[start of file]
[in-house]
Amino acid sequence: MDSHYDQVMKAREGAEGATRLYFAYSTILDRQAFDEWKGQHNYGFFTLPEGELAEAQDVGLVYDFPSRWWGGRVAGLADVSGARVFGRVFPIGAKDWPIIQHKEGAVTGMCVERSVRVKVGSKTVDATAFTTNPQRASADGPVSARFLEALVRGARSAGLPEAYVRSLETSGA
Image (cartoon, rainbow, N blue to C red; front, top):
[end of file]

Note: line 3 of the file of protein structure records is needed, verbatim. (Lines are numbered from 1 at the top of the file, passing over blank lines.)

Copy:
Image (cartoon, rainbow, N blue to C red; front, top):